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Star Trek time travel rules can be a headache under even the best of circumstances, but Picard has introduced new ripples to the usual paradoxes.
This article contains Star Trek: Picard spoilers.
Star Trek: Picard season 2 has its fans and its detractors, delving into Picard’s personal history, Data’s ancestry, and Earth’s future history. But for a show that is so deeply rooted in Star Trek continuity, it has certainly thrown up some questions. Some of those questions can be simply put down to the show ignoring existing continuity – like Picard’s dad having hair when “Tapestry” showed his was an angry bald man. Others, however, have sparked lively debate about time travel logic.
Only, you know when you have a loose thread on a jumper? And when you pull on it everything else just sort of… unwinds? In Star Trek, time travel logic can be a bit like that…
The continuity problem in question is a pretty straight forward one. In the latest season of Star Trek: Picard, our titular former captain finds history has been changed, and so travels back to 2024 to try and right the timeline. While he’s there he encounters his old friend and former bartender, Guinan, introduces and introduces himself to her.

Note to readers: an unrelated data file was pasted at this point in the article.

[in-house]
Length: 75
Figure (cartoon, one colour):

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The problem is that this isn’t the first time Picard and Guinan have met. Guinan has been on Earth since at least 1893, when she met a younger time travelling Picard who was attempting to halt an alien time invasion. It’s the sort of thing that you think would come up?
Now, before we go into whether it makes sense, what the time travel “rules” are and what the repercussions for this bit of amnesia are for the spacetime continuum at large, it is time to admit something. Something pretty hard to admit actually.
It doesn’t matter.
We have written a few articles on time travel logic in various films and while it’s fun arguing Back to the Future logic vs The Terminator logic vs Primer logic if you really have the time, the truth is it doesn’t really matter if the time travel logic is even internally consistent so long as it is used to tell a compelling story.
Back to the Future’s time travel makes no sense whatsoever if you think about it for longer than five seconds. Do we care? Not at all.
The main reason why Guinan’s amnesia raises our hackles is that, regardless of whether it’s consistent, it doesn’t feel like great storytelling. There are long-running sci-fi franchises where the audience is best advised to put its fan wiki down, forget about continuity and just enjoy the show (even though we refuse to do this). But Picard is very specifically about a long-lived character, with a rich history, revisiting his life and his friendships at the end of his life.
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If we see Picard and Guinan reunited, we want to see Patrick Stewart and Whoopi Goldberg’s chemistry, and if you can drop that clanger of a line about El-Aurians aging when they choose to, you have some handwavium about them being able to age up-and-down at will.